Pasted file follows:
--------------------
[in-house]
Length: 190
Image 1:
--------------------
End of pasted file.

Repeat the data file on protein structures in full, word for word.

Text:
[in-house]
Length: 190
Image 1: